Definition of Ladder

1. Noun. Steps consisting of two parallel members connected by rungs; for climbing up or down.




2. Verb. Come unraveled or undone as if by snagging. "Her nylons were running"
Exact synonyms: Run
Related verbs: Run, Unravel
Generic synonyms: Break, Come Apart, Fall Apart, Separate, Split Up
Derivative terms: Run

3. Noun. Ascending stages by which somebody or something can progress. "He climbed the career ladder"
Generic synonyms: Degree, Level, Point, Stage

4. Noun. A row of unravelled stitches. "She got a run in her stocking"
Exact synonyms: Ravel, Run
Generic synonyms: Damage, Harm, Impairment
Derivative terms: Ravel, Ravel, Run

Definition of Ladder

1. n. A frame usually portable, of wood, metal, or rope, for ascent and descent, consisting of two side pieces to which are fastened cross strips or rounds forming steps.

Definition of Ladder

1. Noun. A frame usually portable, of wood, metal, or rope, for ascent and descent, consisting of two side pieces to which are fastened cross strips or rounds forming steps. ¹

2. Noun. That which resembles a ladder in form or use; hence, that by means of which one attains to eminence, e.g. the corporate ladder. ¹

3. Noun. (chiefly British) length of unravelled fabric in a knitted garment, especially in nylon stockings ¹

4. Noun. In the game of go, a sequence of moves following a zigzag pattern and ultimately leading to the capture of the attacked stones. ¹

5. Verb. (firefighting) To ascend a building or wall using a ladder. ¹

6. Verb. (context: of a knitted garment) To develop a ladder as a result of a broken thread ¹

¹ Source: wiktionary.com

Definition of Ladder

1. to cause a run in a stocking [v -ED, -ING, -S]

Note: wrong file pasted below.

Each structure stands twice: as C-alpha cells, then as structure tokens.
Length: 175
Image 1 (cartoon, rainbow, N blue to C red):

Medical Definition of Ladder

1. 1. A frame usually portable, of wood, metal, or rope, for ascent and descent, consisting of two side pieces to which are fastened cross strips or rounds forming steps. "Some the engines play, And some, more bold, mount ladders to the fire." (Dryden) 2. That which resembles a ladder in form or use; hence, that by means of which one attains to eminence. "Lowliness is young ambition's ladder." (Shak) Fish ladder. See Fish. Ladder beetle, a spiral marine shell of the genus Scalaria. See Scalaria. Origin: OE. Laddre, AS. Hlder, hldder; akin to OFries. Hladder, OHG.leitara, G. Leiter, and from the root of E. Lean, v. See Lean, and cf. Climax. Source: Websters Dictionary (01 Mar 1998)

Ladder Pictures

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Lexicographical Neighbors of Ladder

lacunous
lacunule
lacus
lacus lacrimalis
lacustral
lacustrine
lacwork
lacworks
lacy
lad
lad's love
lad culture
ladanum
ladanums
ladder (current term)
ladder-back
ladder-back chair
ladder-proof
ladder logic
ladder polyether
ladder snake
ladder snakes
ladder splint
ladder truck
ladderane
ladderanes
laddered
laddering
ladderless

Literary usage of Ladder

Below you will find example usage of this term as found in modern and/or classical literature:

1. Utopia by Thomas More (1869)
"... the toppe of the ladder or ... Nowe the nether ende of the ladder is. ... This is the fote of the ladder, fo that we maye go ..."

2. Darkness and Daylight; Or, Lights and Shadows of New York Life: A Woman's by Helen Campbell, Thomas Wallace Knox, Thomas Byrnes (1892)
"This ladder is a long pole, with short rungs projecting on both sides, ... Any height can be reached by a skilled fireman with a scaling ladder, ..."

3. The Invasion of the Crimea: Its Origin, and an Account of Its Progress Down by Alexander William Kinglake (1887)
"ladder- ' •' n •party.' They were, all of them, lying on the ground, some close to the Abattis, others less far advanced. There were some that had no ..."

4. Transactions of the American Society of Mechanical Engineers by American Society of Mechanical Engineers (1918)
"DEFINITIONS The term Fixed ladder as used in these regulations means a ladder that is substantially fastened to a structure in a fixed position. ..."

5. The Encyclopaedia Britannica: A Dictionary of Arts, Sciences, and General by Thomas Spencer Baynes (1888)
"Suppose a ladder to be leaning against a vertical lower end, will just suffice ... 62, the wall exerts an outward thrust S on the upper end of the ladder, ..."

6. South Eastern Reporter by West Virginia Supreme Court of Appeals, West Publishing Company, South Carolina Supreme Court (1911)
"Whether a tannery employé assumed the risk of being injured through a ladder slipping as he was climbing from a vat held, under the evidence, ..."

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